New Delhi: The Congress and the Samajwadi Party leaders suspect a saffron push in the decision behind the orange colour jersey that the Indian cricket team is likely to don in its World Cup match against England. The reaction has been ridiculed by the BJP which dubbed their reaction as "myopic and reactionary". The Indian squad may sport orange jerseys in match against England on Sunday as the team’s blue colour clashes with the host's outfit. The International Cricket Council had asked all teams, except England, to carry two sets of uniforms. Samajwadi Party MLA from Maharashtra Abu Azmi even accused Prime Minister Narendra Modi of trying to paint the entire country in saffron colour. The shades of saffron were visible in other fields such as culture and education.
However, senior Congress leader Anand Sharma dismissed the controversy as needless. "It is not a political issue. If the team and the BCCI do not have a problem, then it does not matter what colour the Indian team wears. What matters is that they should play well and win the world cup," he told reporters. BJP spokesperson Nalin Kohli attacked those criticising the choice of orange as the jersey colour. "It is myopic and reactionary politics without application of mind. Those who criticise saffron forget that it is a part of the national flag. If the jersey is saffron in colour, it ought to enhance our sense of pride and rekindle nationalism," Kohli said.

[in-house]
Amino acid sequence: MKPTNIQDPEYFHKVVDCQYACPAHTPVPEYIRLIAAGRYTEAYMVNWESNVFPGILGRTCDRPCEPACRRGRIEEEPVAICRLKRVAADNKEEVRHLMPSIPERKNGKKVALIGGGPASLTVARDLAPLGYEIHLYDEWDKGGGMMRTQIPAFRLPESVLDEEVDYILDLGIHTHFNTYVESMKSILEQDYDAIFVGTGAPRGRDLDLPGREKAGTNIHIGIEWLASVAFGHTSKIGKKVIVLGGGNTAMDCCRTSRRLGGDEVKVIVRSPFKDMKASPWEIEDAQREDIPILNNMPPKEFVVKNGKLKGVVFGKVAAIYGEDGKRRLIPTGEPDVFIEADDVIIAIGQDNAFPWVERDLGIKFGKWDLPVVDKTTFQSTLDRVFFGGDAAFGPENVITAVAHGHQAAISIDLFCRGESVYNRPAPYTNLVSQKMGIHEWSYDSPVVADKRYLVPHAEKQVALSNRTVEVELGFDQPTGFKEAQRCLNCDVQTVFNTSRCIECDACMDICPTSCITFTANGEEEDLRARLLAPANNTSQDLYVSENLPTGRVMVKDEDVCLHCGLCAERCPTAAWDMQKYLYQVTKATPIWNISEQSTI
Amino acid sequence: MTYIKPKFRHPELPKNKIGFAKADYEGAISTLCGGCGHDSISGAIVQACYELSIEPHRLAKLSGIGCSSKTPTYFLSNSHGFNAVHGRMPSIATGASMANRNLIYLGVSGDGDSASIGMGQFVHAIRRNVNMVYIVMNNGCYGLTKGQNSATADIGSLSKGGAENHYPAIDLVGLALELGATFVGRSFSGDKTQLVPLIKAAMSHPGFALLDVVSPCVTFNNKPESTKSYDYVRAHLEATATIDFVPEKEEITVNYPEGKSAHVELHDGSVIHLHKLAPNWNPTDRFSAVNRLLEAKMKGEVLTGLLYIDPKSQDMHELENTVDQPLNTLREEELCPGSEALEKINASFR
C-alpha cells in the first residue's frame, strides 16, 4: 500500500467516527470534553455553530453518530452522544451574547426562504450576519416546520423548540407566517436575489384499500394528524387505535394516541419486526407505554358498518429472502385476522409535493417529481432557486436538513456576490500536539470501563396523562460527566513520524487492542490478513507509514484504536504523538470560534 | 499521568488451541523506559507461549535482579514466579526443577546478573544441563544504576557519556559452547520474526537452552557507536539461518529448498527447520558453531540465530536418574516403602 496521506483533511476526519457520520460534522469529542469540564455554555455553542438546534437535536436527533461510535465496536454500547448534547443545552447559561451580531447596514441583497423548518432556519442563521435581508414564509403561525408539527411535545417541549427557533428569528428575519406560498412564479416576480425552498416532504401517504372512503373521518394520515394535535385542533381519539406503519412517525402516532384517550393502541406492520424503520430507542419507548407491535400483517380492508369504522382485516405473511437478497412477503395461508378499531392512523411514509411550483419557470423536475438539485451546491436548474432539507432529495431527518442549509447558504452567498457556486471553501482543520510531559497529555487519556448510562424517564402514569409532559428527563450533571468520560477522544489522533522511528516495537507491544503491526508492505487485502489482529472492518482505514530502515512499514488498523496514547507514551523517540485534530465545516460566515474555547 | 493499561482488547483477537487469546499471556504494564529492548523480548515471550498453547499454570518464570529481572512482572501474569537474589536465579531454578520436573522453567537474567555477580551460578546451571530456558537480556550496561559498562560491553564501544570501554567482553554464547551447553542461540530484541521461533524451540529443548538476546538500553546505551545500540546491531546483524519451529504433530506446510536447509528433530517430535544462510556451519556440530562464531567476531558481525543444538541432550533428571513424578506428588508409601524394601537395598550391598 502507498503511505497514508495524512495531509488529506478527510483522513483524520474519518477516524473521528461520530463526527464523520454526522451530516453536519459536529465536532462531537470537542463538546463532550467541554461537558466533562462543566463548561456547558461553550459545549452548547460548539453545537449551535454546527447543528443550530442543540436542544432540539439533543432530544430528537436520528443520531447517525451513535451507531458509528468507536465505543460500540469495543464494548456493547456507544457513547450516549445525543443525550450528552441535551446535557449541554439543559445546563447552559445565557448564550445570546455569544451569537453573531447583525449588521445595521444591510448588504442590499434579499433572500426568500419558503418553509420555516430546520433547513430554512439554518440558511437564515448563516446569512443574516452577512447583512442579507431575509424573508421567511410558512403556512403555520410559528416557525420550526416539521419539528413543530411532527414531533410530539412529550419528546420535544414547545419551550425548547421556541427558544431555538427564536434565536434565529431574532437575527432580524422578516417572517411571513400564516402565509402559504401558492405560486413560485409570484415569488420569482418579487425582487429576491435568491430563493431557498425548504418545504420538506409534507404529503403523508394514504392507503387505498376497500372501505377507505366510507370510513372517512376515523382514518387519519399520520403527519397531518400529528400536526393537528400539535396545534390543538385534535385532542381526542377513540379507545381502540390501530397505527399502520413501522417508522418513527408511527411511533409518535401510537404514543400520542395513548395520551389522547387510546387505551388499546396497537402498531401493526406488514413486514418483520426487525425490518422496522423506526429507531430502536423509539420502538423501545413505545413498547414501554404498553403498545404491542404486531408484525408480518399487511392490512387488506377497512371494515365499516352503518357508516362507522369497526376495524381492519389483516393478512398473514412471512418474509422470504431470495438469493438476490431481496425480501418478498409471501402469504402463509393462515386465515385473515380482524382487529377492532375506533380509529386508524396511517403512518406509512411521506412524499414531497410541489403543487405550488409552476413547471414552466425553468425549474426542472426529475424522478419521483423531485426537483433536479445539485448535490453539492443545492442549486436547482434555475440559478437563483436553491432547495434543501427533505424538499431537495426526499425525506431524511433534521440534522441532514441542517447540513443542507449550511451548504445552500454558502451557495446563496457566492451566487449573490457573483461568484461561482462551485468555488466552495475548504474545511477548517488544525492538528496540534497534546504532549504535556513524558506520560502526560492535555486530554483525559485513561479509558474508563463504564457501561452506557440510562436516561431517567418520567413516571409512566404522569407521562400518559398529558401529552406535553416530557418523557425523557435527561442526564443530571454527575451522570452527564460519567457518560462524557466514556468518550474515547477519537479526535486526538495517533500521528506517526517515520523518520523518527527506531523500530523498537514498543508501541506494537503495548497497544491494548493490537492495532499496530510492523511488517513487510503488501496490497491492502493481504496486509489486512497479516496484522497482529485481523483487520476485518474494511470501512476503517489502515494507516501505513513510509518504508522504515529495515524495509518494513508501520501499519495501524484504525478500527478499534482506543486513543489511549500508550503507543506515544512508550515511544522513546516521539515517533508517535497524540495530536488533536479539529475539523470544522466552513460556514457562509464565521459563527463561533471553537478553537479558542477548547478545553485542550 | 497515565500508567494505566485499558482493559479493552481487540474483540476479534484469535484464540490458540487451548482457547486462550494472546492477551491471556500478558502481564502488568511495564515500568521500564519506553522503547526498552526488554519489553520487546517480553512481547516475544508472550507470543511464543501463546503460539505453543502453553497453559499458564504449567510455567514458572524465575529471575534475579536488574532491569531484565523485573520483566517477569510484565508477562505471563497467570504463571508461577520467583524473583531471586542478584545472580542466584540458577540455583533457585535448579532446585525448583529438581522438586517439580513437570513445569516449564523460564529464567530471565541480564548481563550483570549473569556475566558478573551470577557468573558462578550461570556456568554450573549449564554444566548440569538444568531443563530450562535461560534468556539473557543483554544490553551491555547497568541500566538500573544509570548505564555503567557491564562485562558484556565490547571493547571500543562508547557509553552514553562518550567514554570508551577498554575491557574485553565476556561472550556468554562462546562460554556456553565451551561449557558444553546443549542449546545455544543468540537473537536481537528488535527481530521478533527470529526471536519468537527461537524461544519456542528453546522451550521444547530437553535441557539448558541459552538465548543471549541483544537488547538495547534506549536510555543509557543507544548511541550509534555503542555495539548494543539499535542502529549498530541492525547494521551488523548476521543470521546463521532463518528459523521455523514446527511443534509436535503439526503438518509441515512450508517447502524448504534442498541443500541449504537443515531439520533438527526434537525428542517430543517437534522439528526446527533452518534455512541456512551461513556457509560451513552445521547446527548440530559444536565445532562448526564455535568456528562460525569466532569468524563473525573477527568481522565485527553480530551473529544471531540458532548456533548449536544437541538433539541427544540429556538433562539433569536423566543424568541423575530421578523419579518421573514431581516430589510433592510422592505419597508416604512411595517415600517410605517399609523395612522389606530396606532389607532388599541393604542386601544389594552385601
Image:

An ICC source put the jersey controversy in perspective. "The design (orange) is a lift from India's old T20 jersey which had an orange streak. The US-based designers took a cue from something that already existed. It is not something completely new that fans don't identify with," the source explained. Before the start of the World Cup, ICC introduced a new rule asking the teams to sport home and away jerseys in the tournament. The ICC rule reads: "For televised ICC events all participating teams will be required to provide for two different coloured kits, except for the host country which has preference in the choice of colour and may, if it chooses to do so, provide only one coloured kit to be worn in all matches throughout the event. In advance of the event, the teams will be notified which coloured kit will be worn in each match." South Africa, which generally sports green jersey with yellow shade, wore the reverse, which was dominated by yellow with patches of green in the team's match against Bangladesh. Afghanistan who generally sports blue jersey, wore a jersey with more shaded of red added to their blue jersey. Australia (yellow), New Zealand (black) and West Indies (maroon) already have unique jerseys and are hence exempted from having 'away' kits.